Cannes 2023 review: 'Occupied City' - a haunting geographical exploration of collective memory

Occupied City by Steve McQueen
Occupied City by Steve McQueen   -  Copyright  A24
By David Mouriquand

One epically long documentary from the director of 'Shame' and '12 Years A Slave' caught our eye on the Croisette this year. It’s a long one though...

When you’re about to sit through a documentary about the Nazi occupation of Amsterdam, what do you expect to watch?

Most likely, you’re picturing a wealth of archive footage, images of swastika flags, talking head interviews and dramatic testimonies filmed close-up.

British director Steve McQueen (Shame, 12 Years A Slave) has chosen a different, fresher perspective. He shows us the modern world as Amsterdam deals with the Covid lockdown (“something we never expected in peacetime”), while a voiceover narration relates short but detailed stories of the atrocities that befell the Dutch capital and its inhabitants during World War II. Essentially, this meticulously researched chronicle lets the audible past collide with the visual present in a truly memorable way.

Not that Occupied City is an easy film to recommend. It’s undeniably overindulgent at times and represents a commitment on the audience’s behalf, as the current cut clocks in at 4 hours and 28 minutes (with a recommended intermission of 15 minutes, should your bladder curse your bloodshot Cannes-going eyes).

Adapted from his wife Bianca Stigter’s Dutch-language book ‘Atlas of an Occupied City, Amsterdam 1940-1945’, McQueen’s exhaustive documentary opus spans the 1940 invasion, the deportation of Jewish populations to death camps and how the NSB, the Dutch Nazi party, collaborated in the Final Solution, as well as the “hunger winter” of 1944, when fuel and food became an elusive and expensive commodity. It’s a sprawling and repetitive chronicle that feels like an art installation in its current form. However, while it could work as a four-part miniseries, the effect of watching it in one go remains uniquely haunting.

The camera roves over buildings, sites and spaces in the present, filming frequently beautiful vignettes as we hear of the horrors of the occupation. Some of the stories are about how the Nazis melted down church bells for artillery or subjected two sisters to an absurd test in which the SS determined whether the naked siblings had “Jewish legs”. Others relate how so many Jews chose suicide by drowning or asphyxiation rather than die in camps, and how the resistance attacked a Civil Registry to destroy identity records, with minimal success. Most of them introduce us to an inhabitant of the city who was either executed or transferred to a death camp, with their full name, address, occupation and precise date of death – an auditory stolpersteine, if you will.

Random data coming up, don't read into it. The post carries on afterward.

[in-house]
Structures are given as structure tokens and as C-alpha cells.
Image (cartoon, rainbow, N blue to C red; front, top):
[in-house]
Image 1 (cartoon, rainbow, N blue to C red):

It can start to feel a little monotonous after a while, but there’s a certain savvy in this repetition, one which indirectly addresses how we have become numb to these stories and profiles over time, through the mythologizing of the Holocaust and forgetting that behind history book numbers are names. And in creating this dissonance between what the spectator sees and hears, McQueen establishes a spatial navigation which is less topography of trauma and more a geographical exploration of collective memory.

The initial disconnection reveals that the visuals are often tethered to the texts being read by British actress Melanie Hyams – whose solemn tone and Dutch pronunciation are spot-on. These echoes highlight the passing of time; the people in the modern world evolve in geographical spaces that are haunted by ghosts, whether they acknowledge it on a daily basis or not.

The connections are never explained but they exist. They’re not there to hector or compare the pandemic protocols to what the Nazis did, much like a demented far-right anchor would peddle. Rather, they are there to remind us how buildings, cultures and people can be “demolished” (a repeated word throughout Occupied City which serves as a full stop to certain segments) only for a resurrection to take place. This is both a hopeful visual and a warning; for better and for worse, we are currently creating history. In this sense, McQueen’s documentary doesn’t just relate the past to the present-day to ensure we never forget, but also enriches our perspective to a specific five years in history to offer a question: What ghosts will we leave behind for future generations to be haunted by?

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